- Make tasty lasagna
- Shred it into pasta, different casseroles, or potato dishes
- Slice or dice it and serve it alongside platters of fruits and nuts or smoked salmon
If you want to use Edam cheese to replace Gruyere in a recipe, you’ll have to add a bit more due to the mild flavor. A ratio of 1.3 to 1 works well.
Raclette cheese is sure to tickle your taste buds into next year!
Just like Gruyere, this cheese comes from Switzerland, has a semi-hard texture and is made from cow’s milk. However, raclette is a bit stronger taste and aroma.
When describing the taste, people say that raclette is salty, so you may want to be extra careful if you’re using it as a substitute. A rule of the thumb is to use 0.5:1 ratio. It melts extremely well, so definitely consider this as a replacement in baked dishes.
Raclette cheese is best used when you:
- Cook fondues
- Make potato, egg, or pasta dishes and casseroles
- Slide slices of it between two slices of toast and grill the sandwich
A Mix of Fontina and Parmesan Cheese
A combination of Fontina and Parmesan can be just what you need to replicate the unique taste and consistency. The Fontina brings richness, warmth, and creaminess to your dish, while the Parmesan adds edginess and texture.
Use equal parts of both types of cheese to create the perfect blend that will replace Gruyere. As for serving suggestions, you can always:
- Add them as topping on your pizza, pasta, or salad
- Melt them on different potato dishes and casseroles
Emmental cheese, which has Swiss origins, is known for the holes. While Emmental tastes quite similar to Gruyere thanks to its nutty flavor, you’ll want to know how aged it is as it gets a stronger flavor as it ages.
If you buy Emmental that’s 18 months of age, it might be too sharp for your liking. In this case, you’ll need to apply it to your dish with care so that you don’t end up with an overpowering taste. An older cheese is best use in a ratio of 0.5:1 to 0.7:1. It’s best to add it slowly until you get the taste you were targeting.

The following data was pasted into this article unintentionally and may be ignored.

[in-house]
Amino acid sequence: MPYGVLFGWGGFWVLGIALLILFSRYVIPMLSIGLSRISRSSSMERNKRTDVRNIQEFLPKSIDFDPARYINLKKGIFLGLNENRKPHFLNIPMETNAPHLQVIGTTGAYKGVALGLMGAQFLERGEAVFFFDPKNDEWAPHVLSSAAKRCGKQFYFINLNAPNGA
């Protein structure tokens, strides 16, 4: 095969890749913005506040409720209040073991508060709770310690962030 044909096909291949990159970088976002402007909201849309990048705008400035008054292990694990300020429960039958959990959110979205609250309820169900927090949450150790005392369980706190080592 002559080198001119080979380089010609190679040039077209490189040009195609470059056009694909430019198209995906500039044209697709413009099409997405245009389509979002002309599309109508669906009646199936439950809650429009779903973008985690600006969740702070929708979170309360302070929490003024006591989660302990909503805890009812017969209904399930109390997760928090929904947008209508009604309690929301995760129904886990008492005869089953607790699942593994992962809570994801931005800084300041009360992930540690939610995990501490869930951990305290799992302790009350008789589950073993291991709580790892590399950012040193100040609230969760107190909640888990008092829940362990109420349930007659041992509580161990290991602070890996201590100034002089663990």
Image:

On the other hand, a young or mild Emmental can be applied in a 1:1 ratio.
Here are several scenarios where Emmental should give you awesome results:
- Make cheese fondues
- Prepare hot cheese sandwiches (toasted or grilled)
- Use it in pasta or egg dishes
- Serve it in a cheese platter with fruits, nuts, and crackers
Comte is a French cheese that’s a bit on the harder side and is made with cow’s milk. What makes it an awesome substitute is that it has almost the same consistency and taste. But the even better news is that this is much easier to find in most grocery stores.
Comte cheese is one of the best options if you want a reliable melting cheese, and it’s perfect for baked dishes or fondues. In addition, Comte cheese is a good candidate in the following recipes:
- Make souffles
- Incorporate it into pancakes or bread rolls
- Use it in salads and sauces
Kars Gravyer Cheese
Our final suggestion for a substitute is Kars Gravyer, which is a Turkish cheese with a hard texture. The reason why Kars Gravyer is on our list is that it tastes so much like Gruyere, so you can use equal portions of it in recipes.
It is often made with cow’s milk, but you may find it as a blend of cow and goat milk.
Slightly nutty and smooth when melted, Kars Gravyer is great for use in these situations:
- Add it to your pasta, potato casseroles, or egg dishes
- Include it in a cheese platter and serve with fruits, nuts, bread, or crackers
- Use it to make sauces or dips
To Wrap It Up
At a first glance, it might sound hard to come up with a cheese swap to replace this rich cheese in various recipes. But, we provided ten types of cheese can work extremely well.
The most important thing to keep in mind here is that not all Gruyere cheese alternatives have the same strength when it comes to flavor or aroma.
Now that we’re done, we wish you a delicious, cheesy meal!